Golden State Warriors star Kevin Durant says the NBA throws its officials under the bus by airing out refs' mistakes in its "Last Two Minute Report."
Two missed calls helped the Cavaliers in the final two minutes of the team's Christmas win over the Warriors, the NBA announced.
"I'm not a fan of the two-minute report," James said after the Cavs practiced on Wednesday. "I think it discredits what the referees are doing for 48 minutes. If that's the case, you might as well do a 48-minute report.
"It's not fair to the referees that you only talk about the final two minutes of the game and not the first 46. There's plays that's missed, there's plays that called throughout 48 minutes that don't get talked about."
The league announced Monday that the Cavs benefited from two missed calls in the final two minutes against Golden State: James should have been called for a technical foul for hanging on the rim after dunking over Draymond Green with 1:43 remaining; and Richard Jefferson should have been called for making foot contact with Kevin Durant with 3.1 seconds left, leading to Durant missing a potential game-winning 3 as he fell to the floor.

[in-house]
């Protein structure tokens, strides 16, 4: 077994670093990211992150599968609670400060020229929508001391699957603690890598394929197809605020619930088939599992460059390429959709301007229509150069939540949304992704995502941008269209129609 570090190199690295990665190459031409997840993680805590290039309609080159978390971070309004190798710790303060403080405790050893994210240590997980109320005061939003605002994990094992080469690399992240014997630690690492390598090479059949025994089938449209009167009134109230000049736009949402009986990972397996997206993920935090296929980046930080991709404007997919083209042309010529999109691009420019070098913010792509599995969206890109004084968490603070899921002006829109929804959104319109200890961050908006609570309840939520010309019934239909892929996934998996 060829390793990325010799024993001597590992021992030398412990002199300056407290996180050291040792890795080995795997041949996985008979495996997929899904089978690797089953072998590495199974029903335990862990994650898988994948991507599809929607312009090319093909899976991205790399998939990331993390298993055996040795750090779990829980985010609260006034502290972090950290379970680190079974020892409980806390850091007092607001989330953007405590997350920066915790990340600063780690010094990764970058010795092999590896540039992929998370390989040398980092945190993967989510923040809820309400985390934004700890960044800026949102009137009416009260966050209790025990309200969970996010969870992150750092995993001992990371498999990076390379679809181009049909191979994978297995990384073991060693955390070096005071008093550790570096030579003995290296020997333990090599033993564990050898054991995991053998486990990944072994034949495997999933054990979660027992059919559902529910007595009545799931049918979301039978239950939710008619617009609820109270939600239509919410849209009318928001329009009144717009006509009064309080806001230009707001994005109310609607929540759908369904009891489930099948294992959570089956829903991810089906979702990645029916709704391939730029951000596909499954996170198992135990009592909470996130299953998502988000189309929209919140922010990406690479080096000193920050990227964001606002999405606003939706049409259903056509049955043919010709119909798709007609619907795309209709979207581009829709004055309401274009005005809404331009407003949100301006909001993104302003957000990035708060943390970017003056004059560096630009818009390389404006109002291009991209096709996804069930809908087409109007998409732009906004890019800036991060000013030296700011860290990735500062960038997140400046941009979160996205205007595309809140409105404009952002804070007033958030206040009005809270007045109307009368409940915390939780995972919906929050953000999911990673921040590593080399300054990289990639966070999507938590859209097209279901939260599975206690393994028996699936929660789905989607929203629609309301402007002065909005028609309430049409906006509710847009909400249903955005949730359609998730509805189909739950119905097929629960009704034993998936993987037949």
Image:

"First of all, me hanging on the rim had nothing to do with the play," James said, disagreeing with the technical assessment. "It was a timeout and a foul. I could be hanging on the rim all the way until the game is being played and it doesn't matter. So why would it be a technical at that point? I get it if I dunked the ball [and] play was still in session and nobody was up underneath me. Then I get that. But it was a timeout plus a foul.
"And to say that it should've been a foul on RJ, there was hands on bodies the whole game. It's a physical game; that's what the fans wanted to see."
Durant also slammed the two-minute report, telling reporters, "the refs didn't lose us that game. We lost that game. We could have been better. I think it's bulls— that the NBA threw the refs under the bus like that."
The last-two-minute report is the league's public review of officiating in the final two minutes of every NBA game. It started in March 2015 as part of the NBA's "ongoing effort to build a greater awareness and understanding of the rules and processes that govern our game," according to the league's website.
The reports also "serve as a mechanism of accountability to our fans and the media who fairly seek clarifications after our games," according to the league.